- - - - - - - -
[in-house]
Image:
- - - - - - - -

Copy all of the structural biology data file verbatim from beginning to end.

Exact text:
[in-house]
Image: